NEW YORK – Pop star Aaliyah, whose funeral was Friday, was remembered as an R&B princess.
A glass-paneled, horse-drawn hearse carried her body in a silver-plated casket for about four blocks from a funeral home on New York's Madison Avenue to a private service at St. Ignatius Loyola Roman Catholic Church.
The hearse was manned by a driver and a brakeman — both dressed in black and wearing top hats. The horses were white Percheron with black plumes on their heads.
Fans lined the streets to pay their respects to the two-time Grammy nominee, who died Saturday in a plane crash in the Bahamas.
"It is so beautiful. She's going out like a princess," said Nicole Campbell, 24, of Brooklyn, who had been camping out in front of the church since 6 p.m. Thursday.
"It was a whole group of us, just playing her music. We had a prayer for her. We had a mini-concert on a stereo, playing her music. We were just celebrating the life that she had."
The 22-year-old singer-actress had been shooting a music video on the Caribbean island. All nine people in the small plane were killed in the accident, which is under investigation.
After the private service, 22 trained doves — one representing each year of the singer's life — were to be released outside the church.
The procession and service may all be filmed for possible release as a "tribute" video, according to the New York Post.
Aaliyah's casket will be taken to an undisclosed New Jersey location for burial.
On Thursday, fans signed their names in a guest book outside the funeral home.
"I'm totally devastated by this great loss," said Glory Mosby, 29, one of the first few to sign.
"May U Rest in Peace — You are still the greatest," one person wrote in the guest book. "Your light will shine on."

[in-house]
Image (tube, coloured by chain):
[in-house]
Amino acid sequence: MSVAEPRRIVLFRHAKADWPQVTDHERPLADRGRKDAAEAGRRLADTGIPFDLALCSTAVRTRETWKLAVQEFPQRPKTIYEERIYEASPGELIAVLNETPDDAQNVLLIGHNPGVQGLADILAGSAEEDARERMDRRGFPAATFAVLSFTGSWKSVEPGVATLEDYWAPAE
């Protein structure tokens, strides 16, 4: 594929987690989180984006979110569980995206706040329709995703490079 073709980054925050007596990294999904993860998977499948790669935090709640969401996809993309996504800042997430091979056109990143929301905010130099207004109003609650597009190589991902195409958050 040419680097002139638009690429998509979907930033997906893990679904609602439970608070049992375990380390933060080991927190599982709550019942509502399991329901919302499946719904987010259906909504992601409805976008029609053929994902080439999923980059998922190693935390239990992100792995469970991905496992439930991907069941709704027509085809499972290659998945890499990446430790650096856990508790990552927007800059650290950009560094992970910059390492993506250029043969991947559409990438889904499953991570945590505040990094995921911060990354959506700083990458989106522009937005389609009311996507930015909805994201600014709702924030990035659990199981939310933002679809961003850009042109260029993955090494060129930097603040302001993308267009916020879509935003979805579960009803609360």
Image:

By late afternoon, an employee of the funeral home added pages to the book, which was filled with names and statements.
Ramon Polenberg, 24, a UPS employee, pulled his truck over in front of the building to sign the book. Polenberg said he met Aaliyah at a toy store where she stopped to buy candy. He remembered her selections —"red fish and M&Ms."
"She just seemed like one of those people that had a real glow to them," he said.
Several large flower arrangements were carried in through a side door, including a bouquet of pink roses bearing a card with "Aaliyah" printed inside a heart. A pink teddy bear was propped near the guest book. Children stood on tiptoes to read the pages and write their names.
"She was sending out a message to all the young kids, and the kids loved her," said Mary Harvey, 25, who brought her three young nieces from Brooklyn. "She will be missed."
One of Harvey's nieces, Coral Foxworth, 9, said: "She never made negative songs. She was all positive, and family came first."
The New York Post and The Associated Press contributed to this report.